As described above, in the case of the focus control or the tracking control according to the wobbling method, there exist optimal signals for representing the deviations of the focal point and the tracking deviation. This invention utilizes this fact. Namely, according to this invention, there is provided a light beam position control apparatus in which a light beam is emitted from a light source and directed upon the surface of a disc having desired information stored thereon, the intensity of the portion of the emitted light reflected from the surface or having passed through the disc is detected, the signal representing the deviation of the position of the light beam is detected by rectifying one of the two envelopes of a signal of the detected intensity, and the position of the light beam is controlled in accordance with the detected signal.

Now, this invention will be described by way of embodiment.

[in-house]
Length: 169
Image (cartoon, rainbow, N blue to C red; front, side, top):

FIG. 9 shows in block diagram the constitution of an embodiment of this invention, in which both the focus control and the tracking control are performed with the same wobbling frequency. Laser light sent out from a laser apparatus 12 is converged by a lens 11 and emitted on the surface of a disc 10 in rotary motion (indicated by an arrow 10'). The laser light is reflected by the surface of the disc 10, returned along the incoming path and fed back to the laser apparatus 12. In this case, the optical output of the laser apparatus 12 varies in accordance with the change in the amount of light reflected from the surface of the disc 10. The optical output is received by a photodetector 13 disposed at that end of the laser apparatus 12 which is opposite to the end of the apparatus facing the disc 10. Thus, the information stored in the disc 10 is reproduced as the output of the photodetector 13, which is amplified by an amplifier 17 and taken out through an information source terminal 18.